Between the lava fields of Kohala Coast and the lush surroundings of North Kohala is Lapakahi State Historical Park. The cultural site is 12 miles north of Kawaihae near mile marker 14 on Hwy 270. The turn off is easy to miss so keep track of the mileage markers. Down the hill about a half mile, there is a small parking area near a building (more like a shack).
Lapakahi is over 260 acres of ruins spread across the hills above down to the coast below. What is left behind here in this partially restored settlement that dates back over 600 years gives us insight into the daily lives of an ancient fishing village and farming community. This rugged coastal park will give you a glimpse of what it was like to live like the Native Hawaiians of the past.
Be sure to pick up a trail guide at the small shack near the parking lot. The guide makes the short hike much interesting, so consider printing one out before you arrive (link below) just in case you can’t get one at the Park. From the parking area, the trail travels clockwise around the ancient village. The 19 numbered stops are explained in the guide. The one mile trail through the village takes you through ancient structures and artifacts including several house sites, canoe storage houses, salt-making pans, kukui nut lampstands, and even a few Konane (checker like game).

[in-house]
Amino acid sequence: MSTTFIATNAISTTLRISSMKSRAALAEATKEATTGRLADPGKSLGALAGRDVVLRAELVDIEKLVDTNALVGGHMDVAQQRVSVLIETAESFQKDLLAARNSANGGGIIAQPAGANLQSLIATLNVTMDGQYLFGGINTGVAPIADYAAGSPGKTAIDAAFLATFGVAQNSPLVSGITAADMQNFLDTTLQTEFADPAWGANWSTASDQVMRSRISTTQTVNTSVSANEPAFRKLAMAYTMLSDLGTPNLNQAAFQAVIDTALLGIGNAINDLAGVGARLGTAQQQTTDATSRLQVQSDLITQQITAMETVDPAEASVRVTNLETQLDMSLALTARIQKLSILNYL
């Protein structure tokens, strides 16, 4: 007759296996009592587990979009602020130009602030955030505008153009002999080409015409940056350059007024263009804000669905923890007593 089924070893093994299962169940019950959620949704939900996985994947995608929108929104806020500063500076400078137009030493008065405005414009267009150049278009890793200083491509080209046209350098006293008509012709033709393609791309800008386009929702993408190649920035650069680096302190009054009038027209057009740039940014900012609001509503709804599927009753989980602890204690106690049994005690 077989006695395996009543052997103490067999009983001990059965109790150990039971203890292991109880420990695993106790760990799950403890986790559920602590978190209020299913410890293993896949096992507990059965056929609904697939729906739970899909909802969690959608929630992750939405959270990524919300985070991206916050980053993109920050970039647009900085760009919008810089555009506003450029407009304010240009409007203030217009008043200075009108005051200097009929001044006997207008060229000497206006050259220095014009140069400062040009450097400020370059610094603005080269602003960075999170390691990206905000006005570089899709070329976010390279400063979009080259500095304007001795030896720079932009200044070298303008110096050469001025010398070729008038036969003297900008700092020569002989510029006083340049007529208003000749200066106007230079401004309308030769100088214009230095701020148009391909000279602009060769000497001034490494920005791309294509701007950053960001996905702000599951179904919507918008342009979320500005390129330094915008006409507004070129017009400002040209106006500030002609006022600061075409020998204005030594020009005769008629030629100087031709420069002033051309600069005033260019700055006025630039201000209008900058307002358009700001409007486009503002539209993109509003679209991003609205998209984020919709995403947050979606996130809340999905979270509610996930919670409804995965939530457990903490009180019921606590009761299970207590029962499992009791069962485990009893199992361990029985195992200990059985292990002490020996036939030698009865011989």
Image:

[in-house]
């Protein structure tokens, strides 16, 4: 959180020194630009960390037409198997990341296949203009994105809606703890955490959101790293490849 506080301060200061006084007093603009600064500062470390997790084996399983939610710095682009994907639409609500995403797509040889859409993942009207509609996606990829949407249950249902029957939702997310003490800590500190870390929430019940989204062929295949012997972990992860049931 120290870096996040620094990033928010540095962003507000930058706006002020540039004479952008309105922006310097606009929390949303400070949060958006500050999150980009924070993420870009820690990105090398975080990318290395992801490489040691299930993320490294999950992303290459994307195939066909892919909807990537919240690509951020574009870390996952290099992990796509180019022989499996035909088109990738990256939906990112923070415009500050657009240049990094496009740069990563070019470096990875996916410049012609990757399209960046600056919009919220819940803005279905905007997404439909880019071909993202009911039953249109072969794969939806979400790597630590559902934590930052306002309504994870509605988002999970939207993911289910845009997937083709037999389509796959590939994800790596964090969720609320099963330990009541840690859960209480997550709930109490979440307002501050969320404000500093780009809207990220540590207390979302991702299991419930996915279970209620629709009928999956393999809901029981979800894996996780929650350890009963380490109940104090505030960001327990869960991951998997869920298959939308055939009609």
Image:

Swimming is not advised along this rugged coast, but Koai’e Cove below the village is a beautiful stretch of coastline with very clear water.
Lapakahi is open daily from 8am – 4pm except for state holidays. There are portable restrooms, but no water available. There is no shade and it can be quite hot so it is recommended you bring water and take this self-guided hike early in the day.
For more information or to print the guide, visit Hawaii State Parks – Lapakahi